Hill’s birthday was last week, but in a reminder that the Almighty doesn’t always giveth, Hill died about two years ago, taking with him stories we will never hear and characters we will never meet. Still, it’s always better to concentrate on the half-full glass, so on special this week: ALL the books we are privileged to publish by Reginald Hill. If somehow you have missed making Fat Andy’s acquaintance, jump on the series (completist-types will want to start with #1, A Clubbable Woman, but to my mind the series really finds its voice with #3, Ruling Passion, which came out in 1973). And if you’re a long-time Pascoe-and-Dalziel fan but have stuck there, jump on Prince or the wonderfully understated The Spy’s Wife, with Traitor’s Blood or Death of a Dormouse as a back-up treat. And raise a toast to Mr. Hill. He liked a drink, and if there’s any justice in the afterlife, he’s raising a pint himself.
Once again, this week only, all of Hill’s books are on sale at a 25% discount!
It is Friday and I am reporting on my reading, so I’m not technically late for FridayReads. If you squint. The exciting news, from our end, is that I’ve been reading not one but two books that are good enough that we plan to publish them! One’s an irresistibly well written piece of non-fiction – I know, quite a departure for us, but it is written by one of our best-loved authors – and the other is a terrific British psychological chiller, never previously published on this side of the Pond. Why am I being so coy? The contracts aren’t signed yet: Look for proper announcements when they are.
Matthew Arnold famously wrote – at length – about the difference between art and fleeting entertainment. But he was a pontificating, ponderous pain in the butt, so I have long since tried to craft my own sense of the dividing line. I haven’t gotten very far, but I do know one thing: In my eyes, something that stays with you for years…is art.
Eighteen years ago I was in London and was lucky enough to see a revival of Company, starring Adrian Lester, an actor I had never heard of. I was blown away. I’m a Sondheim fanatic (this may not come as news), and even at that point I had seen several productions of Company. None of them had made me weep. This one did.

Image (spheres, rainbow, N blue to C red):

I am still, a week after my first viewing, completely shaken by Red Velvet, a play about a 19th-century actor who specialized in the great classical roles. With that in mind, this week’s quiz looks to the fella Cole Porter so memorably called “Da Bard of Stratford on Avon.” Brush up your Shakespeare.
- If you attend a mystery convention, you may well see us roaming around with a video camera, asking questions. One of our choicest queries is “What’s your favorite method of murder?” Hamlet’s father was famously murdered. What was the method?
- Richard III is one of Shakespeare’s most notorious villains, but he doesn’t do his own dirty work. Name the two characters who, at Richard’s behest, open the bloody floodgates by murdering Richard’s brother, the Duke of Clarence.
- Actors tend to hate the stage directions that appear in scripts, and Shakespeare’s are no exception. Titus Andronicus, arguably Shakespeare’s most violent play, features one of the most difficult entrances in theater-history, with one character required to come on stage with “her hands cut off and her tongue cut out, and ravished.” She then has to sit around – bleeding from both her stumps and her nether regions, presumably – while her uncle makes a long and boring speech about the awfulness of her injuries. What’s the poor girl’s name?
- The poet Samuel Taylor Coleridge famously described a character in one of Shakespeare’s plays as being driven by “motiveless malignity.” (Readers may understand this as a swanky way of saying “I dunno…he just plain bad.”) What’s the play?
- Shakespeare wrote some spectacularly vicious women. The neurotically hand-scrubbing Lady MacB. may be the most well-known, but in a cage-fight, I’d put my money on Queen Margaret, from Henry VI, Part Three. She has a memorably chilling monologue on the battlefield, in which she goes frighteningly nuts while taunting her royal prisoner. The speech ends with her order to her henchmen: “Off with the crown, and with the crown his head; And, whilst we breathe, take time to do him dead.” Who’s the hapless victim? And, for extra credit, what’s his relationship to Richard III?
Answers to the two previous week’s quizzes will appear shortly; Julia is on vacation and Maggie cannot remotely figure out how to work the thingie with the thing.